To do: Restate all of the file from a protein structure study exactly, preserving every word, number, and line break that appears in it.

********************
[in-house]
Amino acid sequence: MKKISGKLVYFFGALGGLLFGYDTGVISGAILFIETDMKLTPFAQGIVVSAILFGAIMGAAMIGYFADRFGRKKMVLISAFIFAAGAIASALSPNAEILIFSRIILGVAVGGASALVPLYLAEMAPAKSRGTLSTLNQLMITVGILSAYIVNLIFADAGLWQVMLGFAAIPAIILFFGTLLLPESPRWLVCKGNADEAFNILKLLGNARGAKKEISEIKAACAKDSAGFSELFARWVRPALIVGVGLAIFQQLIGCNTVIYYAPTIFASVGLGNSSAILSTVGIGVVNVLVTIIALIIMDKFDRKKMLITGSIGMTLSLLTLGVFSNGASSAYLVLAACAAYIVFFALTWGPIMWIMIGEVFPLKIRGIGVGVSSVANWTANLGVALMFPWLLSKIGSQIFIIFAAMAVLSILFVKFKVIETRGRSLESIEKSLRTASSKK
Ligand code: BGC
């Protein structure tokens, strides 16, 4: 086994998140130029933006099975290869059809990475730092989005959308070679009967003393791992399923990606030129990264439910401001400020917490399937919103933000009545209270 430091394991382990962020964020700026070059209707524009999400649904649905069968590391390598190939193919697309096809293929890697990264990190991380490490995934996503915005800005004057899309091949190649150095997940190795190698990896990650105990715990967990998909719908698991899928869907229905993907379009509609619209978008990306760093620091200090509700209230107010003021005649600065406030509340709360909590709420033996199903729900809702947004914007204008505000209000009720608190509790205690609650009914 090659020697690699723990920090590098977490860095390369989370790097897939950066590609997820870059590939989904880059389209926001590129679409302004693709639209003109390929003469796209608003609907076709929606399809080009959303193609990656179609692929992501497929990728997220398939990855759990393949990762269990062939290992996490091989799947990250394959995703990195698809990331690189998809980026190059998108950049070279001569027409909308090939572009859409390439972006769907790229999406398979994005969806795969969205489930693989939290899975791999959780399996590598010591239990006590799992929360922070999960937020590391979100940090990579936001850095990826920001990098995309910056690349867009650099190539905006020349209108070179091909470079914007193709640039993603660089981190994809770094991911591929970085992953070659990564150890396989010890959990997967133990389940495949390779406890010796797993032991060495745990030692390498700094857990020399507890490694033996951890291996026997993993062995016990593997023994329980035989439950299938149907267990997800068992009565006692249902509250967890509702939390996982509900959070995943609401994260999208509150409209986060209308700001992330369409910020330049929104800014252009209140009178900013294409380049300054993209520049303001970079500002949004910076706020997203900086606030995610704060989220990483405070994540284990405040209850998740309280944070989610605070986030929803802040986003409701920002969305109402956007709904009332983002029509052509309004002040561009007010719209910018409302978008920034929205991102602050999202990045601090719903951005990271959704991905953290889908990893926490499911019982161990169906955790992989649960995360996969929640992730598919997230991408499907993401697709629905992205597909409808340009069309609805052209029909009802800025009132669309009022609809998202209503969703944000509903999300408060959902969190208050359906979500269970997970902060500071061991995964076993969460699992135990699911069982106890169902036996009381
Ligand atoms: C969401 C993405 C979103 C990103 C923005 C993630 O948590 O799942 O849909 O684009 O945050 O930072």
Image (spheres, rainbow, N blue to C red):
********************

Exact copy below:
[in-house]
Amino acid sequence: MKKISGKLVYFFGALGGLLFGYDTGVISGAILFIETDMKLTPFAQGIVVSAILFGAIMGAAMIGYFADRFGRKKMVLISAFIFAAGAIASALSPNAEILIFSRIILGVAVGGASALVPLYLAEMAPAKSRGTLSTLNQLMITVGILSAYIVNLIFADAGLWQVMLGFAAIPAIILFFGTLLLPESPRWLVCKGNADEAFNILKLLGNARGAKKEISEIKAACAKDSAGFSELFARWVRPALIVGVGLAIFQQLIGCNTVIYYAPTIFASVGLGNSSAILSTVGIGVVNVLVTIIALIIMDKFDRKKMLITGSIGMTLSLLTLGVFSNGASSAYLVLAACAAYIVFFALTWGPIMWIMIGEVFPLKIRGIGVGVSSVANWTANLGVALMFPWLLSKIGSQIFIIFAAMAVLSILFVKFKVIETRGRSLESIEKSLRTASSKK
Ligand code: BGC
């Protein structure tokens, strides 16, 4: 086994998140130029933006099975290869059809990475730092989005959308070679009967003393791992399923990606030129990264439910401001400020917490399937919103933000009545209270 430091394991382990962020964020700026070059209707524009999400649904649905069968590391390598190939193919697309096809293929890697990264990190991380490490995934996503915005800005004057899309091949190649150095997940190795190698990896990650105990715990967990998909719908698991899928869907229905993907379009509609619209978008990306760093620091200090509700209230107010003021005649600065406030509340709360909590709420033996199903729900809702947004914007204008505000209000009720608190509790205690609650009914 090659020697690699723990920090590098977490860095390369989370790097897939950066590609997820870059590939989904880059389209926001590129679409302004693709639209003109390929003469796209608003609907076709929606399809080009959303193609990656179609692929992501497929990728997220398939990855759990393949990762269990062939290992996490091989799947990250394959995703990195698809990331690189998809980026190059998108950049070279001569027409909308090939572009859409390439972006769907790229999406398979994005969806795969969205489930693989939290899975791999959780399996590598010591239990006590799992929360922070999960937020590391979100940090990579936001850095990826920001990098995309910056690349867009650099190539905006020349209108070179091909470079914007193709640039993603660089981190994809770094991911591929970085992953070659990564150890396989010890959990997967133990389940495949390779406890010796797993032991060495745990030692390498700094857990020399507890490694033996951890291996026997993993062995016990593997023994329980035989439950299938149907267990997800068992009565006692249902509250967890509702939390996982509900959070995943609401994260999208509150409209986060209308700001992330369409910020330049929104800014252009209140009178900013294409380049300054993209520049303001970079500002949004910076706020997203900086606030995610704060989220990483405070994540284990405040209850998740309280944070989610605070986030929803802040986003409701920002969305109402956007709904009332983002029509052509309004002040561009007010719209910018409302978008920034929205991102602050999202990045601090719903951005990271959704991905953290889908990893926490499911019982161990169906955790992989649960995360996969929640992730598919997230991408499907993401697709629905992205597909409808340009069309609805052209029909009802800025009132669309009022609809998202209503969703944000509903999300408060959902969190208050359906979500269970997970902060500071061991995964076993969460699992135990699911069982106890169902036996009381
Ligand atoms: C969401 C993405 C979103 C990103 C923005 C993630 O948590 O799942 O849909 O684009 O945050 O930072």
Image (spheres, rainbow, N blue to C red):